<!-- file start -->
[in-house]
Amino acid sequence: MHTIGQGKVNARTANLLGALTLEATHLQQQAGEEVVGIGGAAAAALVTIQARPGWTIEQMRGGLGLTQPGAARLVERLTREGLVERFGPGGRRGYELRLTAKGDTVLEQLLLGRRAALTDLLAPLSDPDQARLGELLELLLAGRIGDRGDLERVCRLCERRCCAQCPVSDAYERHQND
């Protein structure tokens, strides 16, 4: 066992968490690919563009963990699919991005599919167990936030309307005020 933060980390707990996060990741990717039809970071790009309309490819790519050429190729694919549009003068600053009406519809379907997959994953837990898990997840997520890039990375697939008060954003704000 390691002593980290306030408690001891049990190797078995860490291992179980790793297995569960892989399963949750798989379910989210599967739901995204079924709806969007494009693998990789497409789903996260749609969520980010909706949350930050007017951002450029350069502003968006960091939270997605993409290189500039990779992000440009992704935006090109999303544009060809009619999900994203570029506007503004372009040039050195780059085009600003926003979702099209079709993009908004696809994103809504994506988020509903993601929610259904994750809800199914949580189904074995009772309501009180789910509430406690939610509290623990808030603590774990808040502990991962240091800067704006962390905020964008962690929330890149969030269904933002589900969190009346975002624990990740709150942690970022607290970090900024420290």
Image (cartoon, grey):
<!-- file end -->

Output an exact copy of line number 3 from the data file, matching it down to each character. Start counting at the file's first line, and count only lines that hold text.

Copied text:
């Protein structure tokens, strides 16, 4: 066992968490690919563009963990699919991005599919167990936030309307005020 933060980390707990996060990741990717039809970071790009309309490819790519050429190729694919549009003068600053009406519809379907997959994953837990898990997840997520890039990375697939008060954003704000 390691002593980290306030408690001891049990190797078995860490291992179980790793297995569960892989399963949750798989379910989210599967739901995204079924709806969007494009693998990789497409789903996260749609969520980010909706949350930050007017951002450029350069502003968006960091939270997605993409290189500039990779992000440009992704935006090109999303544009060809009619999900994203570029506007503004372009040039050195780059085009600003926003979702099209079709993009908004696809994103809504994506988020509903993601929610259904994750809800199914949580189904074995009772309501009180789910509430406690939610509290623990808030603590774990808040502990991962240091800067704006962390905020964008962690929330890149969030269904933002589900969190009346975002624990990740709150942690970022607290970090900024420290």